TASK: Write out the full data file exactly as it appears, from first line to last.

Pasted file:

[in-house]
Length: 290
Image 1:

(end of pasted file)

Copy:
[in-house]
Length: 290
Image 1: